Sydney studied the woman in the photo. She was petite in stature, but curvaceous, possessing long dark hair that curled slightly and liquid black eyes. She was posing for the camera, a baby propped on her hip, a floppy hat shading her from the sun. The woman appeared to be laughing, her smile in her eyes. Sydney slid the photo back across the desk, and Miss Parker dropped it back in her drawer.
“She was Italian?” Sydney asked. Miss Parker shook her head.
“Her father was. He married an English woman, and Laura was raised in England, but her father sent her to Italy to study. The American University of Rome.” A faint smile touched Miss Parker’s lips.
“Laura was an Arts major. She painted beautiful pictures, portraits. She used to ask if she could paint me, but I always said no. I worked so hard, majoring in International Trade, ready for the Centre, while she just sort of… well, she passed. That’s all she needed, all she wanted.” Miss Parker let out a low chuckle, staring past Sydney, into another time.
“Did you envy her that freedom?” Sydney questioned. Miss Parker smiled.
“I suppose so. She always had a date, somewhere to go, a party she just had to attend. Everyone wanted to be her friend. And I studied. For Daddy. He said he wanted to be proud of me.”
“But…” Sydney said, angling for more. Miss Parker smiled wryly.
“But I wanted what she had, Syd. So… I studied less… went out more. She used to set me up with people, on dates, until I started getting them myself. We were indestructible. Laura and Parker.” Miss Parker dropped her head, tears streaming down her face. “Then, in my second year, I dated Michele for a while. He was Italian, his father quite wealthy. We didn’t date for long, but we’d all become such good friends, Laura, Michele and I. The three of us against the world.” Miss Parker scrabbled around in her desk, searching for a tissue.
“Mid-terms came around, and Laura convinced me to go out with some guy rather than study. I did badly. I passed, but still…” Miss Parker shrugged, and Sydney nodded.
“You’re father would have been furious,” he concluded. Parker laughed.
“That’s an understatement. He yanked me out of that school so fast I barely had time to say goodbye. And boy was I raked over the coals. My father made me sorry I’d ever known Laura, never mind gone out partying with her.”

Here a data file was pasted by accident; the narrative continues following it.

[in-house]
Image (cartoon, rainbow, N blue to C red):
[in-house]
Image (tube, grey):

“You felt guilty,” Sydney stated. Miss Parker traced abstract pattern on her desk with one fingernail.
“We promised we’d stay in touch. We did, but it got difficult over the years. I met Tommy Tanaka in Japan, and when I finished my studies and came to work at the Centre… it was so hard, Sydney! For a while I’d had the closest I could get to a normal life, but back in America… I couldn’t relate to her anymore. She’d write letters about boyfriends and commissions and how well her latest dinner party went, while I was here, boning up on the latest weaponry. She would learn how to make the perfect soufflé and I would learn how to avoid government protocol.” Sydney chuckled in dry amusement, while Miss Parker pulled a face. She tilted her head to one side, her features tightening in grief.
“She was the closest thing to normal I ever had, her and Michele, and I blew it. Eventually the phone calls were stilted, and Michele became resentful because of my behavior. I know why he sent a letter instead of calling. He sent a letter so that I would miss the funeral. That way, nobody could berate me when I didn’t turn up. I wouldn’t have to make excuses, because I didn’t know… I didn’t know she had died until after the funeral.” Miss Parker sniffed loudly, then finally looked up at Sydney, making eye contact for the first time.
“Miss Parker, you can’t blame yourself for the changes that occurred in both your lives. What you and Laura had was special, but perhaps never meant to last longer than it did. That time of your life has obviously given you some confidence in yourself, not to mention some happy memories,” Sydney suggested gently. Miss Parker sighed.
“I know that, Sydney. But it doesn’t make the pain go away.”